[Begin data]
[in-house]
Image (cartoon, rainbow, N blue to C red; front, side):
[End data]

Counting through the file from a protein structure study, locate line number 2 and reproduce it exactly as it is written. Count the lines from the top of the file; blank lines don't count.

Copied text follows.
Image (cartoon, rainbow, N blue to C red; front, side):